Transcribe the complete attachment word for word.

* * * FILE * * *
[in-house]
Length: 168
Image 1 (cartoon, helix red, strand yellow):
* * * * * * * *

[in-house]
Length: 168
Image 1 (cartoon, helix red, strand yellow):